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I'm programming a react native game app for blind kids to help them with maths. There is a game in which they have to count how many animals are in the screen; when an animal is pressed it emits a sound.

In react native there is the onPress property of <TouchableWithouFeedback /> which allows me to play the sound, but when it comes to visually impaired users I have to announce that there is an animal instead of just playing the sound.

How can I know if a certain View is focused by the screen reader and call a function to do that?

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There doesn't seem to be any way to react to the screen reader focusing on a particular object. Instead, you need to use the accessibilityLabel property on each animal object.

<TouchableOpacity accessible={true} accessibilityLabel="This is a tiger">
   ...
</TouchableOpacity>

When the user selects this object with say, a single tap, they will hear "This is a tiger." Then, after double-tapping the screen, they should hear the associated sound that all other users would normally hear.

I don't think there's really much more you can do than this with the given APIs. Not sure if the limitations are at the OS SDK or React Native level.

Check out the React Native docs on Accessibility for further details.

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    I managed to solve this issue by implementing a custom native component for Android which sends an event to React Native when accessibility focus is on the view – nicokant Jun 13 '18 at 9:09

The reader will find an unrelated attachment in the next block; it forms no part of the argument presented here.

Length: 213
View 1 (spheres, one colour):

• @nicokant Good to know (for better or for worse) that the limitation lies in the React Native framework. I'm up against a similar situation where I need to listen for the screen reader focus. Is your solution something you're willing and able to share? Can you open source it? – Ryan H. Jun 13 '18 at 13:14
  • we are going to open source it in the next months – nicokant Jun 21 '18 at 6:49
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There's no way to detect, currently, if an element has VoiceOver or TalkBack focus. (I doesn't implement UIAccessibilityFocus neither TYPE_VIEW_ACCESSIBILITY_FOCUSED for Android

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The only way to solve this is by developing a native module for images adding native listeners for accessibility events. This means in Android for example:

    public void installAccessibilityDelegate() {
        setAccessibilityDelegate(new AccessibilityDelegate() {
            @Override
            public boolean onRequestSendAccessibilityEvent(ViewGroup viewGroup, View child, AccessibilityEvent event) {
                if (event.getEventType() == AccessibilityEvent.TYPE_VIEW_ACCESSIBILITY_FOCUSED) {
                    sendReactNativeEvent("start");
                    return false;
                }

                if (event.getEventType() == AccessibilityEvent.TYPE_VIEW_ACCESSIBILITY_FOCUS_CLEARED) {
                    sendReactNativeEvent("end");
                    return false;
                }

                return super.onRequestSendAccessibilityEvent(viewGroup, child, event);
            }
        });
    }

My group developed a ios/android component which exposes those events for an image which is currently distributed via npm: https://www.npmjs.com/package/react-native-accessible-image

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